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PHOENIX – A district court has denied a Miami-based franchisee’s motion to dismiss Cold Stone Creamery’s filing to compel arbitration in Arizona. In doing so, the judge explained that the franchisee had not responded to the franchisor’s opposition motion. He further stated that franchisee Nutty Buddies Inc did not cite the rule of civil procedure under which it brought the motion to dismiss, although he assumed it was brought under Rule 12(b)(6) (Federal Rule of Civil Procedures dealing with technical issues).
In issuing his full decision, U.S. District Judge David G. Campbell explained the backdrop to the case. Nutty Buddies is a franchisee and its owner Rudy Puig is a member of the National Independent Association of Cold Stone Creamery Franchisees, Inc, (NIACCF), an association at that time comprised of over one hundred franchise owners. The organization filed a complaint earlier in the year for declaratory relief against Cold Stone in circuit court in Miami-Dade county. Its complaint alleged the franchisor failed to provide information related to monies received from third-parties, those funds designated for the benefit of franchisees.
Cold Stone balked at the association’s complaint, stating the matter had to be arbitrated individually against each member according to their franchise agreements. Attorneys at law firm Zarco Einhorn Salkowski & Brito had argued that their client NIACCF as an association had standing to assert claims in a consolidated arbitration. It asked the court to rule in favor of the “first-filed” NIACCF lawsuit. But in his analysis, Judge Campbell ruled the association’s argument misapplies the “first-to-file” rule, which requires the same dispute between the same parties.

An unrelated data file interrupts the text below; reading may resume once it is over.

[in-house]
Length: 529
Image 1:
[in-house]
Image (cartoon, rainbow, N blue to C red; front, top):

The judge concluded the order, saying that the Nutty Buddies franchisee had entered into one or more franchise agreements with Cold Stone on June 28, 2004, which included a broad arbitration clause. That clause requires all controversies or disputes between the parties, related to their relationship, be arbitrated in Phoenix, Arizona. He ruled that according to Cold Stone, the NIACCF lawsuit asserts claims on behalf of Nutty Buddies franchisee that arise out of its franchise agreement. Such claims are subject to arbitration.
“Taken as true,” the judge said of the signed franchise agreement, “these allegations state a claim to compel arbitration.”
Robert Zarco, lead counsel in the case for Nutty Buddies, Inc., said their firm was not surprised by the court’s decision given the existence of the standard arbitration provision in the franchise agreement. But he added, “We are a bit taken aback at the fact that the court was led by Cold Stone in the direction of issuing what we believe to be an advisory opinion on whether Nutty Buddies is obligated to arbitrate its disputes with Cold Stone. Nutty Buddies has not filed any lawsuit against Cold Stone so asking the court to enter an order which finds that Nutty Buddies, if it wants to bring a claim against Cold Stone, must do so in arbitration to be an improper attempt by Cold Stone to get direction as to how to proceed in resolving its disputes with its franchisees, which we believe to be improper.”